MADISON, Wis. — Rebecca Bradley refused to repudiate and even disputed that she wrote in the Marquette Journal that controversial author Camille Paglia, “legitimately suggested that women play a role in date rape.” The writings of the author praised by Justice Bradley are as shocking as Bradley’s own writing and her refusal to immediately disavow her suggestion that women are responsible for sexual violence perpetrated against them.
“To use the word ‘legitimate’ when commenting on the suggestion that women are responsible for the violence perpetrated against them is shocking,” said One Wisconsin Now Research Director Jenni Dye. “She’s only made it worse by refusing to repudiate this reprehensible victim blaming.”
In her article, Bradley was praising writings by Camille Paglia, who she notes authored the book Sexual Personae. In that publication Paglia wrote that, “Women’s flirtatious arts of self-concealment mean man’s approach must take the form of rape.” She also said, “The sexes are eternally at war. There is an element of attack, of search-and-destroy in male sex, in which there will always be a potential for rape.”
Paglia wrote in an article on date rape published the year before Bradley’s that, “Feminism, with its solemn Carry Nation repressiveness, does not see what is for men the eroticism or fun element in rape, especially the wild, infectious delirium of gang rape. Women who do not understand rape cannot defend themselves against it.”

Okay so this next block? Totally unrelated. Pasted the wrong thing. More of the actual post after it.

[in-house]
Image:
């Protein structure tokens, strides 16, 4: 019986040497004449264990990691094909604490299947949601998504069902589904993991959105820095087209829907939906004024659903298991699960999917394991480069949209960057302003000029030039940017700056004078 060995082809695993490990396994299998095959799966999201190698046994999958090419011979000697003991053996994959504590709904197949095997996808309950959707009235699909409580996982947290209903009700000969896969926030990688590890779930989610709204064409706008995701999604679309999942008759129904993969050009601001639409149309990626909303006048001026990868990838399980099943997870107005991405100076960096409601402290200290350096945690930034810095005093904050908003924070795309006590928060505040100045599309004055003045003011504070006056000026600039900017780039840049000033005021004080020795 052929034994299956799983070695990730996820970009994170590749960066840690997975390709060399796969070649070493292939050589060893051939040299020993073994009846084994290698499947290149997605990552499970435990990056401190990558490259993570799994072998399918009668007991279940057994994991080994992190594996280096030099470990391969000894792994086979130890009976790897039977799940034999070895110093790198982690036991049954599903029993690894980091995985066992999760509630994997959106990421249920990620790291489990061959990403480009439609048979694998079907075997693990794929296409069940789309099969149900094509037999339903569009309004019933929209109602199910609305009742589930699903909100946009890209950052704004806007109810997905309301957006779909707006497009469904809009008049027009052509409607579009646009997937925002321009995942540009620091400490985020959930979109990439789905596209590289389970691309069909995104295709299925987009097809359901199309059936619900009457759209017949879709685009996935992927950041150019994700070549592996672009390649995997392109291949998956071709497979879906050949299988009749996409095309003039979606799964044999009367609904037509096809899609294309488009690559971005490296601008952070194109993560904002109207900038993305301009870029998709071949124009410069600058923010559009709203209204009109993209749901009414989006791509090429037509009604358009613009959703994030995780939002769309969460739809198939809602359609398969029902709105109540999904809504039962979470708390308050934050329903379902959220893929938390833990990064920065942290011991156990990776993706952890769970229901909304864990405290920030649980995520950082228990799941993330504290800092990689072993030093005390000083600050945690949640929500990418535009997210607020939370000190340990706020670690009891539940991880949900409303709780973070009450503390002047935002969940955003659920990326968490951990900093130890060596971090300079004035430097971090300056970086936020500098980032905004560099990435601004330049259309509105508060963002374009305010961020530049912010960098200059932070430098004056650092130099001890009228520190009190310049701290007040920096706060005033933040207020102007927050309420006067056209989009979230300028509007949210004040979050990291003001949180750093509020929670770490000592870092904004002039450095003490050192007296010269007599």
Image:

In an interview with the magazine Spin, published in Paglia’s 1992 collection Sex, Art and American Culture, Paglia commented, “I dislike anything that treats women as if they are special, frail little creatures. We don’t need special protection. Rape is an assault. If it is a totally devastating psychological experience for a woman, then she doesn’t have a proper attitude toward sex. It’s this whole stupid feminist thing about how we are basically nurturing, benevolent people, and sex is a wonderful thing between two equals. With that kind of attitude, then of course rape is going to be a total violation of your entire life, because you had a stupid, naive, Mary Poppins view of life to begin with.”
When first questioned about her writing agreeing with Paglia, and suggesting that women were in part to blame for their own rape, Bradley refused to denounce her earlier writing, saying she would need to go back and re-read her column. In a later interview, Bradley even tried to deny having written what she wrote.
Dye concluded, “Blaming the victim of sexual assault is never acceptable, not when Bradley wrote her words and not now. How can we trust Rebecca Bradley on our state’s highest court when she will neither accept responsibility for what she wrote or repudiate it? She needs to own up to her words and do the right thing, resign.”